In loco parentis is dead in the public school. This system denies everything that undergirds parental education. It denies that the parents have the responsibility to train their children. It rejects the notion that teachers must teach both what and as the parents desire. Rather, the state decides these matters by decree. Believing parents find the education in the public school deficient—not so much because the education is usually inferior academically, but because Christ is lacking in it all. As for the public school teacher, he is but a paid servant of the state doing what the parents are averse to doing themselves.

However, parents who see the importance of the right relationship between parents and teachers will not be content merely to have their children in a Christian school. Far too many Christian schools have quietly disposed of the principle of in loco parentis by making the teacher sovereign in the sphere of the school. The school was no longer considered an extension of the home and thus under the authority of the parents, but a separate sphere. Connected with this was a drive to remove the Reformed confessions and the Bible as the basis for the school. The remaining authority in such a school is the trained teacher, the professional, with a school board and society to approve the budget and rubberstamp the desires of the faculty. This philosophy of education is taught in many a Christian college. In such a school, in loco parentis is dead.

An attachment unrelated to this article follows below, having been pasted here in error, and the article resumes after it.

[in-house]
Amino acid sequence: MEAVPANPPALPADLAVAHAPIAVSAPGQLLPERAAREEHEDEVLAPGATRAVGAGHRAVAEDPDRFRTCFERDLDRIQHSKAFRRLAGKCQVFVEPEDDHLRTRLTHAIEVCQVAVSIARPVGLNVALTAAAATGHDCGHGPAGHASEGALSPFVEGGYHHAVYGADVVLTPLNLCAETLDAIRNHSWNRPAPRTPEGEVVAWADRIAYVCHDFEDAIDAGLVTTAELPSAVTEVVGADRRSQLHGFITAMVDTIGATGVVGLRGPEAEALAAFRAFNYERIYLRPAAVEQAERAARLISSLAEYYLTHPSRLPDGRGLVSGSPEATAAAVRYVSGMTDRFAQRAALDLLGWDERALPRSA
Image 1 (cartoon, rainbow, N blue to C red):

That, however, is not the only way to damage the principle of in loco parentis. It should be obvious that where a difference in doctrine and practice exists between the teachers and the parents, the heart of this relationship is cut out. If a Protestant Reformed father sends his children to a Christian Reformed or Baptist school, the teacher is not teaching the children as that father would. Rather, if the teacher is faithful to his own confession, he will inculcate the doctrines, lifestyle, and world and life view that his church maintains.